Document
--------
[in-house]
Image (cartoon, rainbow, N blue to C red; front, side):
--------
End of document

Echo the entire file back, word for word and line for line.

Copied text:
[in-house]
Image (cartoon, rainbow, N blue to C red; front, side):